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Matt Williams: Dangerous tactics will continue until we start to hit coaches where it hurts

Rushing the defence and contesting high cross-field kicks should be prohibited to create a safer game

When the news spread that inspirational Wallaby captain Michael Hooper had stood in front of his team-mates and told them that his mindset was not in the right place to lead them against Argentina the following day, the entire rugby community recognised this as a hugely courageous act.

Michael spoke his truth saying that he was not okay, and more power to him.

Along with the brilliant French captain Jean-Pierre Rives, Hooper is the greatest diminutive open-side flanker to have played across the last 50 years. Off the field, Michael is a gregarious and courteous role model, emulating the admired leadership of the great John Eales.

Hooper’s career has had to endure the unfortunate timing of being the outstanding player of his generation while leading historically poor Waratahs and Wallabies teams.


As the second youngest Wallaby captain of all time, his situation is a reminder that from the outside, professional sport looks glamorous, but the price individuals pay to follow their dreams is sometimes exceptionally high.

Even though he was not on the field, the man nicknamed “Super Dooper” inspired his fellow Wallabies to a bonus-point win on the road.

In a game where both the Wallabies and the Pumas attempted to play with positive energy, it was more than frustrating that in the opening 20 minutes there were more screeching whistles than a departing steam train. A litany of highly technical, pedantic penalties ruptured the expectations of the game.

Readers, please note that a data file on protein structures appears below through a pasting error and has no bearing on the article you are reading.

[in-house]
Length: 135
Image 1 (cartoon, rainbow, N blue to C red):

While both teams did produce a few patches of brilliance, which produced some excellent tries, in reality there were far too many long stoppages for repetitive shots at penalty goals, time-wasting scrums and endless lineout mauls.

The greatest example of last weekend’s pedantic officiating was in the Mbombela Stadium, when the Springboks centre Damien de Allende was outrageously penalised for being inside the five metres on his own team’s scrum feed.

The look on de Allende’s face was the same as on millions of faces across the world. None of us had ever seen an attacking player being penalised for encroaching inside the five metres from an attacking scrum. As the Kiwis gained three points for the ridiculous decision, even they were shaking their heads.

However, it is not only referees whose behaviour has been poor. Like tax accountants, coaches are exploiting every unintentionally created loophole in the laws to gain an advantage for their team.

All the coaches are using time-wasting tactics at the scrum and lineout by empowering their tight five players to disgracefully fake injuries. Kneeling down, acting hurt, bending the safety laws to force the referee to whistle a stoppage. At the Academy Awards, Chris Rock had more real injuries than these guys.

The fake injury allows the tight five forwards to catch their breath because the poor little darlings are all puffed out.

Time-wasting is now on such a monumental scale that set timing clocks that will force the forwards to assemble have become essential.

Rugby needs to speed up the game by keeping the ball in play for longer periods of time. Scrums and lineouts must assemble faster and the ball be put into play without delay.

What has also become crystal clear across the summer tours and last weekend’s opening Rugby Championship matches is that the coaching tactics of rushing defence and the high cross-field kicks, which isolate the defending fullback, are a major contributing factor to the flood of red cards for head contact.